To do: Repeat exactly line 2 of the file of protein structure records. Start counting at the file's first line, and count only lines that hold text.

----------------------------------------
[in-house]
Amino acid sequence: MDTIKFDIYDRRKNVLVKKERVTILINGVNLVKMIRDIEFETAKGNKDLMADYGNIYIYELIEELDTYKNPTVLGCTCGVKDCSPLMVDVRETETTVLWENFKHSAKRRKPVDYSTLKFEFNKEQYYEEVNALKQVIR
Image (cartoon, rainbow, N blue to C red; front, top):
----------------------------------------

Amino acid sequence: MDTIKFDIYDRRKNVLVKKERVTILINGVNLVKMIRDIEFETAKGNKDLMADYGNIYIYELIEELDTYKNPTVLGCTCGVKDCSPLMVDVRETETTVLWENFKHSAKRRKPVDYSTLKFEFNKEQYYEEVNALKQVIR